MILTON I. SHADUR, UNITED STATES DISTRICT JUDGE
Defendant W.R. Grace & Co.-Conn. (erroneously named in the Complaint as "W.R. Grace & Co." and referred to in this opinion simply as "Grace") has filed a timely Notice of Removal ("Notice") from the Circuit Court of Lake County, Illinois of this action brought by its ex-employee Curtis Rodkey ("Rodkey"). Although Grace's removal was indeed timely -- Notice para. 2 reflects service on its duly designated recipient on April 24, 1991, so that the Notice was filed on the thirtieth and last day permitted by 28 U.S.C. § 1446(b)
-- the removal was improvident in terms of federal subject matter jurisdiction. Based on its initial review of the Complaint and Notice,
this Court sua sponte remands this action to its place of origin.
Grace relies on diversity of citizenship to establish federal jurisdiction, setting out the bases for that assertion in Notice para. 5. Although Grace incorrectly speaks of Rodkey's Illinois residence rather than his citizenship in Notice para. 5(a), and although the latter is of course the relevant fact for diversity purposes (see 5 Wright & Miller, Federal Practice and Procedure: Civil § 1208, at 101 & n. 9, and cases there cited (1990 ed.)); 13 B id. § 3611, at 516-18 & nn. 27-29, and cases there cited (1984 ed. and 1990 pocket part), that would not likely prove fatal because of the prospects for its cure in accordance with Section 1653. Where Grace founders is on the fact that even assuming the existence of diversity of citizenship, that potential basis for jurisdiction is overridden by the existence of an express prohibition of federal jurisdiction in cases such as this.
Rodkey's Complaint asserts that after he had sustained a work-related personal injury, he filed a worker's compensation claim with the appropriate state agency (Complaint paras. 2-3). And then, Rodkey asserts (Complaint para. 4):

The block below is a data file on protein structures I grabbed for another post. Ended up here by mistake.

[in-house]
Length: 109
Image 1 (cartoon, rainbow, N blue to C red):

That on or about February 2, 1990, in retaliation for the plaintiff's filing of said Workman's Compensation claim, W.R. Grace & Co. wrongfully discharged plaintiff from said employment, in contravention of the clearly mandated public policy under the Illinois Worker's Compensation Act, Ch. 48, Ill. Rev. Stat., Par. 138.4(h).
In so many words, then, Rodkey has advanced his claim as one brought under the authority of the Illinois statute that he invokes -- a claim expressly recognized in those terms by the Illinois courts.
And this Court has consistently held beginning with Alexander v. Westinghouse Hittman Nuclear, Inc., 612 F. Supp. 1118 (N.D. Ill. 1985) that claims of exactly the same nature as that asserted by Rodkey are nonremovable to the federal courts because of the express prohibition of Section 1445(c) (see also, e.g., this Court's opinions in Orsini v. Echlin, Inc., 637 F. Supp. 38 (N.D. Ill. 1986) and Rosell v. Roadway Express, Inc., 702 F. Supp. 681 (N.D. Ill. 1988)). Nothing since Rosell suggests any change in that view -- indeed, Soto v. Tonka Corp., 716 F. Supp. 977 (W.D. Tex. 1989) is identical in its holding and result.
Hence this District Court has no jurisdiction to accept the removal of this action. In accordance with the principle that subject matter jurisdictional defects must be addressed whenever they appear -- and must be addressed sua sponte even if not raised by the litigants -- Section 1447(c) provides in part:
If at any time before final judgment it appears that the district court lacks subject matter jurisdiction, the case shall be remanded.